Andrew Garfield as Peter Parker and Emma Stone as Gwen Stacy in The Amazing Spider-Man 2
(Sony Pictures)

Absolutely nothing about The Amazing Spider-Man 2‘s failure was the fault of Andrew Garfield or Emma Stone, both of whom were wonderful as Peter Parker and Gwen Stacy. The film’s problems had more to do with the lack of fidelity to the original comic characters and their stories, the awful take on the Green Goblin, and the ending that dragged it down. While killing Gwen was a shocking plot twist back in 1973, recreating it in the modern day just makes us think, “Fridging a woman for the sake of a man’s story? Groundbreaking.”

7. The League of Extraordinary Gentlemen (2003)

Sean Connery as Allan Quatermain in The League of Extraordinary Gentlemen
(20th Century Fox)

The League of Extraordinary Gentlemen went down in history as “the movie so bad it made Sean Connery retire from acting.” The former James Bond apparently hated the whole experience of playing Allan Quatermain and, well, whatever he went through on set clearly wasn’t worth it. Apparently there might be another attempt at a League of Extraordinary Gentlemen franchise soon, and even if it also turns out to be awful, it can’t possibly be worse than this one.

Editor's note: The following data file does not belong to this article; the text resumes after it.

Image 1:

6. X-Men Origins: Wolverine (2011)

Ryan Reynolds as Deadpool and Hugh Jackman as Wolverine in X-Men Origins: Wolverine
(20th Century Fox)

The failure of X-Men Origins: Wolverine can be summed up in one word: Deadpool. Because the guy Ryan Reynolds plays in this movie … well, that ain’t Deadpool. While Fakepool was the main thing fans directed their ire at, the script is borderline nonsensical and the story equally forgettable. Still, at least we did eventually get a very good Deadpool movie out of it—two of them in fact, and at least one more to come.